A military man can scarcely pride himself on having ‘smitten a sleeping enemy’; it is more a matter of shame, simply, for the one smitten. I would rather you made your appraisal after seeing what the enemy does, since it is certain that, angered and outraged, he will soon launch a determined counterattack.
– Admiral Isoroku Yamamoto
Those words, spoken after the attack 68 years ago today, marked the beginning of the end of World War II. Yamamoto knew that even though he had partially disabled the naval fleet at Pearl Harbor, the resolve of the American people would strengthen their willingness to fight. Rather than relying on his advisor’s quick assessment from a strategic point of view, Yamomoto remembered his time at Harvard University to understand what was to come.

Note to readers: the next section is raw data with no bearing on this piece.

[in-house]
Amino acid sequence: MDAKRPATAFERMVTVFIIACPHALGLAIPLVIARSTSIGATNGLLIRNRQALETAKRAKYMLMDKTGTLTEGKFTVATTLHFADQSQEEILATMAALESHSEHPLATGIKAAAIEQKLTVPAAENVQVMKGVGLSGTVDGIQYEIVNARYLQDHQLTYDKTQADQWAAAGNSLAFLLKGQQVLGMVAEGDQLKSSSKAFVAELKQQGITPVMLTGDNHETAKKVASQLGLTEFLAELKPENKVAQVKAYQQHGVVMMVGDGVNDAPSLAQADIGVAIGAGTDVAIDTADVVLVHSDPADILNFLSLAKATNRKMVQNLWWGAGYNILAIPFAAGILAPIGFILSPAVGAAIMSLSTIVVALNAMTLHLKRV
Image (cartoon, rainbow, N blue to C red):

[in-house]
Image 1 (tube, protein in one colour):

The ultimate sacrifice of 2,345 military personnel and 57 civilians would not be in vain.
Today is a day that our service men and women from World War II should be remembered, thanked, and admired. If you have children, teach them about today and the great sacrifice of a generation to insure that the United States prevailed and lived on.